Have you ever played the board game Apples to Apples? It's one million times easier to play than to explain, so bear with me. Basically, a card with an adjective(or noun) on it is thrown down, each player has to come up with a topic that epitomize this adjective(or noun) and the person whose turn it is gets to pick his or her own example from the 'matches'. When it was my turn, the adjective was "depressing." My choices were:
Germany in 1945
A bad haircut
Now, obviously AIDS and Germany in 1945 are some of the most depressing, downright awful things the world has ever known, but I haven't lived through either. What I have lived through is a really terrible haircut. And, man, that is very depressing.
Depending on the severity, a crummy haircut can affect everything in my life--from the way I talk to other people to how often I want to leave the house. (Anyone who argues this has never seen a makeover episode of What Not To Wear, like when Nick tells the ladies that he is going to cut their long hair off so that it can frame their face better and make it healthier) Bad haircuts suck, they take longer to grow out than everyone says they will, and there's only so much you can do with headbands, bobby pins, rubber bands and clips. I think I use my hair as a part of my identity... good or bad.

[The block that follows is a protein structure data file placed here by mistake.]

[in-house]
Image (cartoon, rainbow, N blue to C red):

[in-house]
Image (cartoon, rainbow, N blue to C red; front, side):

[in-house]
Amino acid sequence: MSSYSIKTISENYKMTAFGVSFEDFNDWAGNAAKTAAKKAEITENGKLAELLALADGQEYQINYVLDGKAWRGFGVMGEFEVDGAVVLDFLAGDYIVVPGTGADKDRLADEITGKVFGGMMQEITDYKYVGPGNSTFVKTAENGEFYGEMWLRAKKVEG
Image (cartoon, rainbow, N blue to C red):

So, I chose "A bad haircut" as most depressing. And I immediately was the joke for the evening and felt stupid and shallow. Throughout the game, there were other things, mentions of lipstick and pedicures and the like, that made me realize somehow along the way, I've become that girl. That girl who cares about the way she looks possibly more than she should.
I've become vain.
These days, grooming is sort of a shield to me . . . it makes me more comfortable facing the world. And it's not like I'm living in a vacuum, just sequestered at home with three small children day in and day out. Society dictates a certain visual expectation for women, one far more complicated and time consuming than the one that exists for men. It's crap, but it's reality. So, I think about things like haircuts and shoes and eyeshadow and whether my arse looks big in a pair of pants. Girlie and shallow or not, they're an important part of my life.
Does that make me vain and/or excessively prideful about my appearance? Perhaps. I think that taking care of myself so that I am healthy and look healthy isn't exactly vain... I want to look my best so I feel my best and have the self-confidence to get done what I need to get done.